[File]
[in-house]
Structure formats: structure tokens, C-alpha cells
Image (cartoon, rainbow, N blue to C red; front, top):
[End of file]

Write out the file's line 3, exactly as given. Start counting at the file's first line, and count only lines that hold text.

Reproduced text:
Image (cartoon, rainbow, N blue to C red; front, top):